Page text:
Install Linux Mint

The live sessionΒΆ

When you boot the computer from the USB stick (or DVD), Linux Mint starts a live session. It logs you in automatically as a user called mint and shows you a desktop with the installer on it:

The Linux Mint live session

The live session is similar to a normal session (i.e. to Linux Mint once it is permanently installed on the computer), but with the following exceptions:

  • The Live session is slower (it is loaded from a USB stick or DVD as opposed to a SSD or HDD).

  • Changes you make in the live session are not permanent. They are not written to the USB stick (or DVD) and they do not impact the system installed by the installer.

  • Some applications work differently (or not at all) in the live session (Timeshift, Flatpak, Update Manager, Welcome Screen..etc.).

Hint

The username for the live session is mint. If asked for a password press Enter.

Installing Linux Mint on the computerΒΆ

To permanently install Linux Mint on your computer:

  1. Double-click Install Linux Mint.

  2. Select your language.

  1. Connect to the Internet.

  1. If you are connected to the Internet, tick the box to install the multimedia codecs.

  1. Choose an installation type.

If Linux Mint is the only operating system you want to run on this computer and all data can be lost on the hard drive, choose Erase disk and install Linux Mint.

Warning

Encrypt the new Linux Mint installation for security refers to full disk encryption. At this stage of the installation your keyboard layout wasn’t yet selected so it is set to en_US. If you decide to use this option, keep this in mind when entering a password. Note that there are issues with this option and some NVIDIA drivers. If you are new to Linux use home directory encryption instead (you can select it later during the installation).

If another operating system is present on the computer, the installer shows you an option to install Linux Mint alongside it. If you choose this option, the installer automatically resizes your existing operating system, makes room and installs Linux Mint beside it. A boot menu is set up to choose between the two operating systems each time you start your computer.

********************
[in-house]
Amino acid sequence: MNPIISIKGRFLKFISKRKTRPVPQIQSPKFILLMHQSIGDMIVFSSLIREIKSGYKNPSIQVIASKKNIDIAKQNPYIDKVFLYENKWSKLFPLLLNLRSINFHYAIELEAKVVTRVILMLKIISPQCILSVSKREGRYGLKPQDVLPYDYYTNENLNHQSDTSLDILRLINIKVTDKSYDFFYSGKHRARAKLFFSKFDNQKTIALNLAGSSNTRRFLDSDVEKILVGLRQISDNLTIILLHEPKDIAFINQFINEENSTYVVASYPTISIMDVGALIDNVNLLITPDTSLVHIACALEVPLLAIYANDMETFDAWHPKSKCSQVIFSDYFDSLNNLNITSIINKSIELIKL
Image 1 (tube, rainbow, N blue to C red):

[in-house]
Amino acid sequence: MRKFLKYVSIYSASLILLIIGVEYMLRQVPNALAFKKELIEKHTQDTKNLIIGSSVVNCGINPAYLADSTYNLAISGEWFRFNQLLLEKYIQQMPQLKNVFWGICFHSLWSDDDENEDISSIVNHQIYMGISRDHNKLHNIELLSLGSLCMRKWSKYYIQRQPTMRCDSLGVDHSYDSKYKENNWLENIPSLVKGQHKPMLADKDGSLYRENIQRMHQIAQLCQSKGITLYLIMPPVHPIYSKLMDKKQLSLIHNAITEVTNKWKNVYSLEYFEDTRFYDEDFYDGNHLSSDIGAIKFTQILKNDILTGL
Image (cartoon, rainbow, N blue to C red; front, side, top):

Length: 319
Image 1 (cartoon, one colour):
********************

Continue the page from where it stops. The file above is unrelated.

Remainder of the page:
Note

If you want to manage the partitions or specify which partitions to use, select Something else.

Linux Mint requires one partition to be mounted on the root / directory.

The Linux Mint operating system (without additional software or personal data) takes roughly 15GB, so give this partition a decent size (100GB or more).

ext4 is recommended. It is the most popular Linux filesystem.

Also create a swap partition. This partition is used for hibernation and as a safety buffer in case your computer runs out of RAM. Give this partition a size equal to the amount of RAM in your computer.

  1. Select your timezone

  1. Select your keyboard layout

  1. Enter your user details

Your name can be your real name, but it doesn’t have to be. It is only used locally, in the screensaver and on the login screen.

Your username is what you log in as, and your hostname is the name of your computer on the network.

To prevent bugs only use lowercase characters, with no punctuation or accentuation.

To protect your personal data against local attacks (people around you, or in case your computer gets stolen), tick Encrypt my home folder.

Choose a strong password.

  1. Enjoy the slideshow while Linux Mint is installed on your computer.

When the installation is finished, click Restart Now.

The computer will then start to shut down and ask you to remove the USB disk (or DVD). Upon reboot, your computer should show you a boot menu or start your newly installed Linux Mint operating system.

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